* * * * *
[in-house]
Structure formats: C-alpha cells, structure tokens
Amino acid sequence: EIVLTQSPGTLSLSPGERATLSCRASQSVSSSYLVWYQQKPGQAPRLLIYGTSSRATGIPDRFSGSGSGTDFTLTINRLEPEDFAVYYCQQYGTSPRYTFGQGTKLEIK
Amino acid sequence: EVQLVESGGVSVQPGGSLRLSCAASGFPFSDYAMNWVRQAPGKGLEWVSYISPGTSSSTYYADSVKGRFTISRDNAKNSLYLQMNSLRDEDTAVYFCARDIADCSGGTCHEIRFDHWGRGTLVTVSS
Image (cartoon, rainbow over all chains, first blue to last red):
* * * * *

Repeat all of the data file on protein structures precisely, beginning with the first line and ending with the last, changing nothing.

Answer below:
[in-house]
Structure formats: C-alpha cells, structure tokens
Amino acid sequence: EIVLTQSPGTLSLSPGERATLSCRASQSVSSSYLVWYQQKPGQAPRLLIYGTSSRATGIPDRFSGSGSGTDFTLTINRLEPEDFAVYYCQQYGTSPRYTFGQGTKLEIK
Amino acid sequence: EVQLVESGGVSVQPGGSLRLSCAASGFPFSDYAMNWVRQAPGKGLEWVSYISPGTSSSTYYADSVKGRFTISRDNAKNSLYLQMNSLRDEDTAVYFCARDIADCSGGTCHEIRFDHWGRGTLVTVSS
Image (cartoon, rainbow over all chains, first blue to last red):